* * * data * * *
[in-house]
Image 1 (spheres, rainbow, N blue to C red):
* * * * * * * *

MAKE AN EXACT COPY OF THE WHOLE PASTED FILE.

[in-house]
Image 1 (spheres, rainbow, N blue to C red):